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What Does Metabolic Acidosis Mean?

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The Anion Gap

The anion gap is a tool used to: Confirm that an acidosis is indeed metabolic Narrow down the cause of a metabolic acidosis Monitor the progress of treatment In a metabolic acidosis the anion gap is usually either ‘Normal’ or ‘High’. In rare cases it can be ‘low’, usually due to hypoalbuminaemia. An ABG machine will often give a print out of the anion gap, but it can also be useful to know how it is calculated. In blood, there are many cations and anions. However, the vast majority of the total number are potassium, sodium, chloride, or bicarbonate. The ‘anion’ gap is an artificial measure, which is calculated by subtracting the total number of anions (negatively charged ions – bicarbonate and chloride) from the total number of cations (sodium and potassium). Thus, the formula is: ([Na+]+ [K+]) –([Cl–]+ [HCO3–]) In reality, the concentration of potassium anions is negligible, and this often omitted. There are usually more measurable cations than anions, and thus a normal anion gap is value is positive. A normal value is usually 3-16, but may vary slightly depending on the technique used by the local laboratory. If the anion gap is <30, then there may not be Continue reading >>

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Popular Questions

  1. One of our CDI noted an elevated lactic acid and queried the physician for a diagnosis. The patient did not have Sepsis. Our physician advisor said not to do that because the next lactic acid was normal. She said we should also be looking for the underlying cause of the lactic acidosis and not querying for the diagnosis. A diagnosis of lactic acidosis will give us a CC. Other CDI's have said that if the elevated lactic acid was treated, monitored or evaluated we should be querying for the diagnosis. Does anyone have any direction on how this should be handled?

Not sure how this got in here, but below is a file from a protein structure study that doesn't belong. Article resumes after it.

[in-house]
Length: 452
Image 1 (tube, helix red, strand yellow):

Is lactic acidosis always inherent in other conditions and that's what we should focus on?
    What can we pick up the diagnosis by itself as a CC / when should we query to get to documented in the chart?
    Are there any other clinical parameters we should be looking at when evaluating whether we should query such as the anion gap?
    Is there a specific treatment for metabolic acidosis?
    Thank you,
    Christine Butka RN MSN
    CDI Lead
    CentraState Medical Center
    Freehold, NJ

  2. What a timely comment. Recently, our coding auditor suggested that we should always keep an eye out for the cc "acidosis". It seems to me that lactic acidosis could be inherent to the disease process of sepsis and therefore should not be captured. Any thoughts?
    Yvonne B RN CDI Salinas, CA.

  3. Hello all! I agree, I believe lactic acidosis is inherent to sepsis. It is one of the most important indicators that gives the clnician a clue that sepsis may be present. Our fluid administration policy was actually developed on the lactic acid result: the higher the number, the more fluid we bolused (in non-CHF patients, of course). In cases were Sepsis is determined not to be present, we will query the provider, providing they treated or monitored the acidosis in some manner
    Shiloh

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